The Valentine's Week dilemma
I've been thinking about the whole idea of the governor's extending Valentine's Day so it will be Valentine's Week. Could it really make any difference?
The scenario would go like this:
Husband: I know I forgot to get reservations for Sunday (Valentine's Day) or buy you a dozen roses and you're angry at me. But Governor O'Malley says it's OK to take you out Tuesday night instead, and I can buy flowers, too, anytime this week. It still counts.
Wife: No, it doesn't. I don't care what O'Malley says. It's not the same. You don't love me anymore. Maybe it's good for the restaurants and florists, but it doesn't cut it with me.
The governor's edict is one sign of a larger problem: Recently I've started to feel pressure to eat out just to keep the restaurants I like in business. ...
No one loves eating out or sympathizes with the plight of restaurants in a recession more than I do. But it's an odd feeling to feel I ought to go out.
After all, most people go out to have a nice evening, not to feel as if they're taking part in a charitable event. And yet I want restaurants to succeed -- I like it that we have so many choices in Baltimore when we want to eat out, and I hate to see the number of choices diminished. It's not just the bad restaurants that get weeded out in circumstances like these.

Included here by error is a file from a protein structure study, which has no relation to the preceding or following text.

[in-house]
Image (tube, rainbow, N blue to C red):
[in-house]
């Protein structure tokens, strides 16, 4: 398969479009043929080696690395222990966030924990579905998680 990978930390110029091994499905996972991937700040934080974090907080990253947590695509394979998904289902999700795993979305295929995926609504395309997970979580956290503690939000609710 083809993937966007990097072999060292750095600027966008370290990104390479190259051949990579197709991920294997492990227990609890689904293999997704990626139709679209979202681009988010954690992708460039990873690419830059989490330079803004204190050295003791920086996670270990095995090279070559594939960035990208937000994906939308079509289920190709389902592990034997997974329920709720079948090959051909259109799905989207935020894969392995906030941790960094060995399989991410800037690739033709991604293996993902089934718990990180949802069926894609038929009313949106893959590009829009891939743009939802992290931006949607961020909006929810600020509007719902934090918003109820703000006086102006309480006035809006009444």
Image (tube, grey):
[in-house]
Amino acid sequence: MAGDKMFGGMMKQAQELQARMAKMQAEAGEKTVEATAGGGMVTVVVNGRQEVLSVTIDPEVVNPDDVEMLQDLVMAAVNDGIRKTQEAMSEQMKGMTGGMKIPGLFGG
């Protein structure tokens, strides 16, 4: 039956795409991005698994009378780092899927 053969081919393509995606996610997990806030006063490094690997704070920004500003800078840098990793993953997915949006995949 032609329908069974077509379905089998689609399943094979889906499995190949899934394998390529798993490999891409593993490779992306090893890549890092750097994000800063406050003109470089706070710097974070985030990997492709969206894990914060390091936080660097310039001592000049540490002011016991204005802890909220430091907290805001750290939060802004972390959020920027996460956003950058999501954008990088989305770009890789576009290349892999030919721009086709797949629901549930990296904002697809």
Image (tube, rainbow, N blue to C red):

Here's the restaurateur's point of view, which I got in an e-mail yesterday:
This entire winter, the restaurant industry has been hit probably harder than any other type of business, except maybe traveling. Speaking personally, our ... restaurants lost three Saturdays and one Friday due to snow, and an additional Saturday to Christmas. That's a lot of revenue to lose in a business where managing your cash flow is crucial to your success. In addition, most people in the industry work on either an hourly wage or strictly for tips, so a lot of restaurant employees are feeling the crunch just as badly as the businesses themselves.
I'm writing this letter to encourage everybody who enjoys eating out to pick their favorite establishment and give them some business once you feel comfortable venturing out into the frozen tundra that the Baltimore area has become. I was talking it over with other local restaurant owners and we were saying that none of us would be shocked to see at least a handful of restaurant closings in the coming weeks as a direct result of the revenue lost this winter. Any restaurant that was on the brink could easily be pushed over the edge to a point where it would be impossible to recover. ...
It's hard to argue with him, but I wonder how many people feeling the pinch of a troubled economy themselves will be persuaded by his words not to eat at home tonight.
(Valentine's Week roses by Algerina Perna/Sun photographer)